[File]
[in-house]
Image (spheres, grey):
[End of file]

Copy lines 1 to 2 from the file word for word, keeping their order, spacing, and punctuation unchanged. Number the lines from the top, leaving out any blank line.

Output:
[in-house]
Image (spheres, grey):